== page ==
2. The application was supported by the affidavit of the applicant. She deposes that there are two conflicting decisions over the estate of the deceased in this matter, the late Abdullahi Dasta Gabriess, emanating from the Kadhi`s Court Nyeri in succession cause No.6 of 2012 and from Nanyuki SRM`s succession cause N0.25 of 1998. Therefore, that this court should admit additional evidence so as to determine the appeal with some finality.
3. The application was opposed by the respondent vide his replying affidavit sworn on the 13th January 2021 in which he deposes that the applicant has not demonstrated that the evidence sought to be introduced could not have been obtained by reasonable diligence before and during the hearing. That the evidence sought to be introduced is not credible as the certificate of confirmation Marked “HAG2” indicates that it is issued in the High Court of Kenya at Nairobi and not in the Senior Resident Magistrate`s Court at Nanyuki as alleged in the supporting affidavit. That in light of the inconsistency the evidence sought to be introduced in the appeal is neither helpful to the applicant nor to the court. That the application is an afterthought in view of the fact that it is being made 8 years after the filing of the appeal.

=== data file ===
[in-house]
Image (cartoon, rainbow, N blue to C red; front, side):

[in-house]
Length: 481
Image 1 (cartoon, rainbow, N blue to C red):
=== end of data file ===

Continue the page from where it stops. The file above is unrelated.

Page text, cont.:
4. The background information to the case is that the matter was heard before the Kadhi`s court at Nyeri wherein the parties were Amina Abdillahi Dasta and Ramadhan Abdillahi. The parties were fighting over the distribution of the estate of the late Abdullahi Dasta which comprised of plot No.10 Nanyuki. The Kadhi`s court distributed the estate according to Islamic law and issued a grant of letters of administration. Amina Abdillahi was aggrieved by the decision of the Kadhi and filed the instant appeal on the 5th June 2013. The grounds of appeal were that the Kadhi`s court lacked jurisdiction to hear the succession cause as the distribution of the estate of the late Abdullahi Dasta had already been finalized in Nanyuki Senior Resident Magistrate`s Court Succession cause No. 25 of 1998 and a certificate of confirmation of grant issued. Amina Abdullahi however passed on in 2016 before she could prosecute the appeal. The current applicant/petitioner substituted her to pursue the appeal.